Staged event-driven architecture

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The staged event-driven architecture (SEDA) refers to an approach to software architecture that decomposes a complex, event-driven application into a set of stages connected by queues.[1] It avoids the high overhead associated with thread-based concurrency models[clarify], and decouples event and thread scheduling from application logic. By performing admission control on each event queue, the service can be well-conditioned to load, preventing resources from being overcommitted when demand exceeds service capacity.

SEDA employs dynamic control to automatically tune runtime parameters (such as the scheduling parameters of each stage) as well as to manage load (like performing adaptive load shedding). Decomposing services into a set of stages also enables modularity and code reuse, as well as the development of debugging tools for complex event-driven applications.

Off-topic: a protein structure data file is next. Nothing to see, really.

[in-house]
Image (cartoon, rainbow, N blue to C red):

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  1. ^ "SEDA: An Architecture for Highly Concurrent Server Applications". Harvard University. Retrieved 2013-09-03. "SEDA is an acronym for staged event-driven architecture, and decomposes a complex, event-driven application into a set of stages connected by queues." 

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